Positional alcohol nystagmus (PAN) is nystagmus is produced when the head is placed in a sideways position.
Nystagmus is the visible jerkiness in eye movement.
PAN occurs when the specific gravity of the membrane space of the semicircular canals in the ear differs from the specific gravity of the fluid in the canals because of the presence of alcohol.
PAN type I:
With the consumption of alcohol, the alcohol is carried by the bloodstream and diffused into the water compartments of the body.
The specific gravity of a semicircular canal membrane is the same as the specific gravity of the surrounding fluid.
Though the Earth’s gravity is a constant force of acceleration, the semicircular canals do not respond to it.
Since alcohol has a lighter specific gravity than water when it enters the canal membrane via capillaries, the specific gravity of the membrane is lower than that of the surrounding fluid.
While the specific gravity of the membrane is lower than the specific gravity of the extracellular fluid, the hair cells on the membrane become responsive to the Earth’s gravity and PAN 1 occurs.
The alcohol diffuses very slowly from the membrane to the extracellular fluid.
While the specific gravity of the membrane is lower than the specific gravity of the extracellular fluid, the hair cells on the membrane become responsive to the Earth’s gravity (PAN I).
PAN I is characterized by a nystagmus to the left when the left side of the head is down/right side when the right side of the head is down.
Positional alcohol nystagmys1 is typically present during a rising and peak blood alcohol concentration.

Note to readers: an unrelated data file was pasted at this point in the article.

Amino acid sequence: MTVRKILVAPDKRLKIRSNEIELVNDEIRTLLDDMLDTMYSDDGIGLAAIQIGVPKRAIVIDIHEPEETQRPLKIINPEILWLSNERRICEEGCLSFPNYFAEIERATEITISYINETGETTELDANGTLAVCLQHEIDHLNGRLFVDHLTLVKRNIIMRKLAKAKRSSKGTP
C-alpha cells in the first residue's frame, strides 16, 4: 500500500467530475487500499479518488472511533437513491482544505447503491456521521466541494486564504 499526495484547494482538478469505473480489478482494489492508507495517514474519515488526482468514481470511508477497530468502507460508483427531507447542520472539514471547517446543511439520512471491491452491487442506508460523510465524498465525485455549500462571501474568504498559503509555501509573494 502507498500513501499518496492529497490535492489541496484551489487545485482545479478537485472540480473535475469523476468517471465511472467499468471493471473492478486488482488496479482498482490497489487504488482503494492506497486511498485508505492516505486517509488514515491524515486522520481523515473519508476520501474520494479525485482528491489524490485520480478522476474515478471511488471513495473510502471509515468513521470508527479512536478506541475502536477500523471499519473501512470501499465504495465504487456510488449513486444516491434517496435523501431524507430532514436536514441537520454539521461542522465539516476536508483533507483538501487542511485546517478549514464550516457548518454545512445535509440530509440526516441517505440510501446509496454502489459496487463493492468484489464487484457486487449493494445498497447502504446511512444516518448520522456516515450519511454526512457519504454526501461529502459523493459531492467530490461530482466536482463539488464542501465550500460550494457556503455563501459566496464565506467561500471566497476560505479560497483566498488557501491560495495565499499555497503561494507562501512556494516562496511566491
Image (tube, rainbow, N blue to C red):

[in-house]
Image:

The rate of elimination of alcohol is fairly constant.
Initially, the absorption rate of alcohol exceeds the rate of elimination, which results in a rising blood alcohol concentration (BAC).
After a person stops drinking, the rate of absorption drops below the rate of elimination, and the BAC begins falling.
As alcohol is eliminated from the body, it is removed from the membrane of the semicircular canal faster than the surrounding fluid.
This creates the reverse situation of PAN I, as the specific gravity of the fluid is now lower than that of the membrane resulting in PAN II.
PAN II is characterized by a nystagmus to the right when the left side of the head is down/left when the right side of the head is down.
The overstimulation of the semicircular canals during PAN I and PAN II is associated with the unsteadiness, nausea, and vertigo felt by intoxicated people.
PAN I is more associated with postural problems of standing and walking, while PAN II has been more associated with the feelings of a hangover.
There is a brief period between PAN I and PAN II when the alcohol concentrations in the canal membrane and extracellular fluid are in equilibrium, and neither PAN I nor PAN II is present.
Horizontal Gaze Nystagmus (HGN) testing is used in the identification of persons who are intoxicated or under the influence of a controlled substance.
PAN is identified when the head is tilted to one side or the other.
For HGN to be properly identified, the head must be positioned in line with the spine.